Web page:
.{ Opinion, Arts, Culture, Lifestyle, Cuisine }. More coverage and content at LowcountryWeekly.com 21

Australian Author Catherine M. Walker


he nonprofit Pat Conroy Literary Center will host an evening with visiting Australian fantasy novelist Catherine M. Walker, author of the Being of Dreams and Emergence series. Free and open to the public, this author visit will be held on Monday, November 13, from 5:00 to 6:30 p.m. at the Conroy Center (601 Bladen St., Beaufort). Books will be available for sale and signing. Register in advance at 843-379-7025. Walker describes the first three novels in her Being of Dreams series – Shattering Dreams, Path of the Broken, and Elder Born — as an epic fantasy in which the characters are cursed to become either heroes or monsters. Walker’s second series, Emergence, has three novels planned, with the first two, Unwanted and Sacrifice, now available. Walker describes this series as a fantastic world torn by conflict, in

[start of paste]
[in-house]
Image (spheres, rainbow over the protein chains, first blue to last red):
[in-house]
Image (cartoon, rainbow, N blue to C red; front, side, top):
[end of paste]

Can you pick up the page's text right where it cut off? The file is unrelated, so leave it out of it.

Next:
Novelist Catherine Walker

which the Unwanted fight for survival. Readers who enjoy perilous magic, royal intrigue, and tales of betrayal and friendship will find much to savor in these volumes. In addition to discussing her novels, Walker will also share insights into being a self-published international author and her own journey to publication. Catherine M. Walker was born in a small country town in Western Australia. After years of working various jobs and traveling, she has finally returned to her home state and resides in Perth, Western Australia, where she’s settled down to write. Walker has self-published five epic fantasy books and his currently drafting her sixth. To learn more about the Pat Conroy Literary Center, please visit www.patconroyliterarycenter.org